When Fred Astaire died, it was interesting that CBS News, which rarely pays much attention to show business, trotted out its biggest guns, Dan Rather and Charles Kuralt, for an hour tribute to the great dancer, one of the nicest guys who ever entered this flea-bitten racket.
The program was almost totally devoted to Astaire's movies, particularly those he made with Ginger Rogers, who appeared briefly from her ranch in Oregon. There was a passing reference to Astaire's years on Broadway when he danced with his sister Adele, but Kuralt noted that to small-town America, Broadway was as distant as the moon, but those Astaire-Rogers movies were part of their lives.
Curiously, the program didn't mention Astaire's work on TV, not even that landmark special, "An Evening With Fred Astaire," and its two sequels, "Another Evening With Fred Astaire" and "Astaire Time."
Actually, more people probably saw each of these specials than all the Astaire-Rogers movies combined. But there's a tendency, even on TV, to negate anything TV does, dismissing it as a third-rate art, not worthy of comment, which, coincidentally, was the way the intellectuals felt about movies back when Fred was dancing with Ginger.
I would not think CBS would be so petty as to deliberately ignore the specials because they were on NBC.
More than the movies, "An Evening With Fred Astaire" is probably the definitive work of Astaire on screen because it wasn't cluttered up with those silly stories of the movies, it was pure dance--I can close my eyes and still see Fred and Barrie Chase in that explosive "St. James Infirmary" number.
Astaire spent nearly a year preparing the 60-minute program, perhaps the most perfect production in the history of the medium. It swept the 1958-59 Emmy Awards with an unprecedented eight Emmys, including one to Astaire as "best actor," which caused controversy--Ed Sullivan claimed he shouldn't have it and Fred offered to give it back.
Astaire's death again makes one wonder what has happened to the musical theater, once the pride of America. There are no more musical-variety shows on television in the Shore and Como mold, no more musical specials like Astaire's or Gene Kelly's; Carol Burnett is doing drama. The musical movie seems to have vanished and most Broadway musicals are British. Is there no life beyond MTV?
John Springer, in his definitive study of the movie musicals, "All Talking, All Singing, All Dancing," found them cyclical. There was the era of the early talkies, of "Broadway Melody," "Gold Diggers of Broadway," "Fox Movietone Follies," of Nancy Carroll, Buddy Rogers, John Boles, Winnie Lightner. That segued into the "42nd Street" era, Dick Powell, Ruby Keeler, "Gold Diggers of 1933," Joan Blondell, Ginger Rogers, the Busby Berkeley extravaganzas.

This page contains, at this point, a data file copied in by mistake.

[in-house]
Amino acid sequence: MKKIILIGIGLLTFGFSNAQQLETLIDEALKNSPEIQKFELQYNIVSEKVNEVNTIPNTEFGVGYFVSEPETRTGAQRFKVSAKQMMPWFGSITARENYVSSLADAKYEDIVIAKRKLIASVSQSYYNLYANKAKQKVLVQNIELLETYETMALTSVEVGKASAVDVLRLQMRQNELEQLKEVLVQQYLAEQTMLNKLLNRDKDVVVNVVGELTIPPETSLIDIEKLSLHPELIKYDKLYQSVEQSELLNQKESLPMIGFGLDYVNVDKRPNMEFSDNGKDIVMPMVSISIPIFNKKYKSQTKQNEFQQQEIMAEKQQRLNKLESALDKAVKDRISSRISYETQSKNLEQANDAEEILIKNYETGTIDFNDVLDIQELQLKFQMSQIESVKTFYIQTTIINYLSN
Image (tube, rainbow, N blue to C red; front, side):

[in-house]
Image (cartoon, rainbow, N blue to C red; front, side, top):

Next was the Crosby era, "College Humor," "The Big Broadcast," Hope, Lamour and Crosby on the "Roads." And the Astaire era, though Fred danced unnoticed in some of those early movies, "Top Hat," "Roberta," "Carefree," Gene Kelly, Rita Hayworth, Cyd Charisse, Marge and Gower Champion and the dancing ladies: Eleanor Powell, Ann Miller, Zorina, Vera Allen, Jeanmaire. Gwen Verdon was also around, unnoted.
The operetta era, Jeanette MacDonald and Nelson Eddy, "Rose Marie." "Naughty Marietta," Maurice Chevalier, Allan Jones, Irene Dunne, Grace Moore, "One Night of Love." The kiddie era: Shirley Temple, Donald O'Connor, Judy Garland, Mickey Rooney, "The Three Little Pigs," Deanna Durbin, "100 Men and a Girl," "Three Smart Girls," "The Wizard of Oz." And the Alice Faye-Betty Grable era, "Tin Pan Alley," "Alexander's Ragtime Band," Dan Dailey, June Allyson, Marilyn Monroe, Doris Day, Dorothy Dell. Springer's "Golden Era" was Kelly, Astaire, Caron, "An American in Paris," "On the Town," "Cover Girl," the masterpiece "Singin in the Rain," Cagney's "Yankee Doodle Dandy."
So many musicals that at one time theaters advertised on their marquee that a movie was "NOT A MUSICAL." But every time one of the cycles ran out of gas, some great show would come along and another cycle would begin.
But it hasn't happened in recent years. There was "Gigi," but no score of "Gigis" to follow it; there was "Sound of Music," "Music Man" and "Cabaret"--but they launched no new era.
Those old movie musicals were generally characterized by terrible scripts and wonderful songs. Almost all the top composers of the era wrote for them--George and Ira Gershwin, Jerome Kern, Rodgers and Hart, Cole Porter, Harold Arlen, Johnny Mercer, Fred Loesser, Hoagy Carmichael, Al Dubin and Harry Warren, Mack Gordon--the list is endless.